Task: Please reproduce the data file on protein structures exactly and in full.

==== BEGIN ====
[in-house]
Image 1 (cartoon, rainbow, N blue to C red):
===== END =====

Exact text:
[in-house]
Image 1 (cartoon, rainbow, N blue to C red):